By Pierre Sarrazin
This page describes the two-player network version of BurgerSpace.
This project is entirely experimental. The client-server system as currently published is certainly buggy, not very user-friendly, and possibly unplayable.
The network version of BurgerSpace is made of a command-line server and a graphical client. One player uses the client to connect as the chef, while another player uses another instance of the client to connect as the egg. The two players can be on separate machines, but the machines should be linked by a fast and reliable network connection.
The game may not remain interesting when one of the enemies is controlled by a human player. This is why this project will remain experimental for some time. If you want to play the conventional, stand-alone, single-player BurgerSpace, you can still play it with this version, or you can use version 1.8.4, still available at the BurgerSpace Home Page.
In addition to my flatzebra library, you will need the SDL, SDL_image and SDL_mixer libraries. See the BurgerSpace Home Page for flatzebra, and the SDL site.
After installing the SDL libraries, you need to compile and install flatzebra. Then, compile and install BurgerSpace 1.9.3. Do this on each machine where you want to run either the client or the server. (If you have a Fedora 14 or later system, you can install the RPM packages provided on the Home Page.
On the server machine, run this command in a terminal:
It should display something like this:
seed = 1217994653
init-level-no = 1
burgerspace-server: server bound to port 49152
This example assumes that UDP port 49152 is not already in use by
If needed, you can use the
option to specifiy port N instead.
The "seed" number will vary with each execution.
The server must already be running. On the client machine, run the following command after replacing SERVER with the server hostname (localhost if the server is on the same machine), and PORT with the port where the BurgerSpace server is running:
burgerspace --server=SERVER --port=PORT --chef
burgerspace --server=localhost --port=49152 --chef
--port=49152 option can be omitted because 49152
is the default port tried by the client when not specified.
You should see the usual BurgerSpace setting with animated enemies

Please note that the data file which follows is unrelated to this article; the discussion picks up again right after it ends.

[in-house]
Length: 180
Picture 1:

walking around. If you don't, it normally means that there is no
server at the given address and port.
You should also see the phrase "
You are the chef"
at the bottom of the window. If you had used the
option instead of the
--chef option above, you would be
playing the part of the egg, which would be indicated at the bottom.
The server does not allow two clients to connect with the same role (chef or enemy). If your role request is rejected, you will have access as a spectator, which will also be indicated at the bottom.
To close the client, press the [Escape] key, then press
Only the client connected as the chef can start the game. The user who plays the chef should wait for the other user to connect as the enemy. To start the game, the user who plays the chef must press the [Space] key.
Do not start the client before starting the server. If you do, the client's window will remain empty. In such a case, close the client with the [Escape] key, start the server, then start the client again.
To play the conventional one-player BurgerSpace,
with all enemies controlled by the computer,
just give the command
This stand-alone version can also be started from GNOME's Games menu,
if BurgerSpace was installed from a precompiled package.
Bug reports, questions and comments are welcome.
BurgerSpace and the "flatzebra" library are free software released under the GNU General Public License, version 2 or later.
SDL is a free library distributed under the GNU Lesser General Public License.
I can be reached (in French or English) by email at sarrazip at sarrazip dot com. My main Web page is Pierre and his Poor Pathetic Page (or La Petite Page Plate de Pierre in French).
See also the BurgerSpace Home Page.
Last update to this page: 2019-11-11 21:49:18 EST5EDT